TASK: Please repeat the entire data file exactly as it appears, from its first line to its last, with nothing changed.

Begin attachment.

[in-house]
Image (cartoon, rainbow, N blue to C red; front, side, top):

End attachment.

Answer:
[in-house]
Image (cartoon, rainbow, N blue to C red; front, side, top):